Organic Theater Company
Real life, depicted in real time, would be unbearably tedious to watch. Small, trivial events consume the vast majority of our lives, but those events simply don't pack much dramatic wallop. Just imagine the last dinner party you attended being reproduced verbatim before an audience. That's why all plays are distortions of reality. They consist of dramatic highlights compressed into a brisk narrative creating the illusion of real life, but having little in common with the actual pace and tenor of real life.
In The Danube, however, Maria Irene Fornes wanted to depict small, trivial events. She wanted to make the audience feel their sweetness and simplicity. But how can a playwright depict mundane events without putting an audience to sleep?
The solution that Fornes found to this problem is ingenious, allowing her to have it both ways--she can present innocuous experience, but with enough poetry and suspense to keep the audience hanging on every lovely word.
She chose to mimic educational language records, which contain inane conversations designed to introduce simple vocabulary and grammar. The dialogue is so vapid it often evokes laughter:
Mr. Sandor: Are you Hungarian?
Paul: Oh, no. I'm from the U.S.
Mr. Sandor: What is new in the U.S.?
Paul: The weather is bad.
Mr. Sandor: Is that so?
Paul: Yes, we have not had good weather.
Some of the lines are actually preceded by the recorded voice of a man reciting the sentence, first in Hungarian, then in English. This device calls attention to the vacuous content, making the conversation seem even more ridiculous.
But with this utterly simple language, Fornes creates vivid characters whose affection for each other is deeply touching. When their humdrum existence along the Danube River in Budapest is destroyed by a disaster, their suffering is indeed poignant and dramatic, even though nothing much actually "happens" in this play.
What does happen is this: Paul is introduced to Mr. Sandor's daughter Eve. They fall in love, and Paul decides to remain in Budapest instead of returning to the United States.
But from the moment Eve reveals her affection for Paul, their health begins to fail. She faints in a cafe. He has a horrifying seizure in bed. Eve's father develops ugly ulcers on his face, and they all become spastic and weak.
Fornes is deliberately ambiguous about the cause of their illness, but the dark goggles the characters wear suggest a nuclear explosion has occurred, a suggestion heightened in this production by a rumbling explosion and a background that becomes increasingly bleak and inhospitable. The disaster has made their environment literally sickening, and they appear to shrink and grow helpless. In one scene, the actors actually deliver their lines through small puppets that resemble them, making the characters seem even more vulnerable and ineffectual.
But this is not another blatant antinuclear statement. Most talk about nuclear catastrophe tends to focus on the Big Picture--megadeath, disease, the breakdown of civilized society. Fornes brilliantly brings the danger down to the personal level by depicting the painful disruption of life's simple joys. Like wounded animals, her characters try to go on with life, but that is impossible. The fallout is not only poisoning their bodies; even more dreadful, it is destroying their affection for each other. To die along with millions of other people would be terrible, of course, but to remain alive in a hopelessly polluted world, where people lack the energy and health they need to care about each other--that would be worse.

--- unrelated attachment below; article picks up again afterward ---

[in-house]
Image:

The cast members of the Organic production, under the perceptive direction of Blair Thomas, give plain, simple performances that are as elegant as the language they speak. As Paul, Steve Drukman is friendly and open--a true American. Drukman wisely avoids any hint of irony or condescension as he participates in the oppressively polite conversations. Jill Daly, in a masterful bit of underacting, deftly projects Eve's shyness as well as her passion. Randy Rakes is the embodiment of the jovial, carefree man as Eve's father, Mr. Sandor.
Only David Rommel displays eccentric traits. He needs them to distinguish the four characters he plays, but he puts a little too much spin on the ball. The Danube requires performances that are just like the dialogue--simple, straightforward, but wonderfully accurate.
Fornes was in town for rehearsals of The Danube and The Conduct of Life, which are running in repertory. While here, she conducted one of her controversial writing workshops in which she teaches participants how to get inside the minds of the characters. (She will return to conduct another, May 23-27, sponsored by Blind Parrot Productions.)
Her technique, she says, produces characters that are vivid and true, and if the characters are vivid and true, they will lend coherence even to a loosely structured play.
The Danube certainly is loosely structured, but it's held together by characters whose emotional lives are easily accessible, even though they speak in the simplest manner imaginable. Fornes has not embedded a "message" in her play; she does not appeal to the intellect. Instead, she provides the audience with a visceral experience of love and loss, an experience that is deeply true to life, even though the play itself is far from realistic.